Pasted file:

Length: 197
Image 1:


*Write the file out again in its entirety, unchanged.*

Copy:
Length: 197
Image 1: